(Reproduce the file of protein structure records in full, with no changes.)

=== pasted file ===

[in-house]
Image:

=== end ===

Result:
[in-house]
Image: